For all that Gosling’s Luke Glanton has in the way of faults and weaknesses, he becomes an iconic and mythological figure by the end of the story, due not only to his own son’s fascination with the father he never knew, but because he – of the two central protagonists in this film – was the father who committed himself to the support of his family. Glanton is a tragic hero – tragic, because he believed in the cause worth fighting for, yet did not know how to properly defend it. Cross is the antihero, for how he lets a mistake and a lie define his career, opting to pursue the route of ambition, rather than the path of fatherhood and devotion. The heroes of this movie are the ones written off as “bad guys” by the rest of the world, while the tortured captors who vindicate themselves over the bodies of those “beneath” them are lauded as the heroes of society. This movie is as much about class distinctions and circumstance as anything else, and we see that the legacy of a man who cared for his son means a lot more than the legacy of a man who let his own demons get in the way of raising a secure human being.
The conceptual weight of this movie is admirable for its ambition and insight; the actors are all top-notch and deliver remarkable performances, and the whole picture is embedded with a richness in direction and musical scoring that make its sum total sound like a miraculous achievement.
Yet for all that occurs, for all that we see, I cannot help but feel that I never heard enough from the characters in this movie. The story, the concepts, the style, and the commitment are all there, but still, I feel that any sort of emotional resonance is missing from the picture. It is only when Glanton’s son, fifteen years after his father’s death, is seen riding his bike down the same pine tree-lined roads once ridden by his father, that I began to feel the twinges of emotional connection that I so readily expected to burst forth from the viewing of this film.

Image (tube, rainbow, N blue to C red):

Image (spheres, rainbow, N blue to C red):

It may just be my own expectations of what the movie should have been getting in the way of my actually enjoying it, but at critical points the pacing felt quick, and the directing failed to immerse this audience member in the journey of its characters. I’ve read one critic’s response which commented that every moment felt like a climatic revelation, and I agree – you’re only ever witnessing a life-and-death situation here, without any time ever taken to breathe and settle into a new reality; there is only constant change.
For an American movie released this early in the year, The Place Beyond the Pines is certainly a welcome anomaly that strives quite openly for something higher, even if it never quite achieves true humanity. If the pace had been slower, if the director and editor had taken more time to observe and relate, then the tone of the film may have come somewhat closer to achieving accessibility. The work is almost entirely a spectator experience – what we are watching is a fable being woven, not a relatable journey being unfolded for the sake of our personal understanding. Given that, it is a fascinating, exciting treat with which to mark the end to the first quarter of this, as of yet, surprising year.
Click Below to Listen:[audio:http://pawling.wpengine.com/wp-content/uploads/2013/04/04-20-Reflection-Silver-Screen-Place-Beyond-Pines1.mp3|Titles = Reflection Silver Screen-Place Beyond Pines]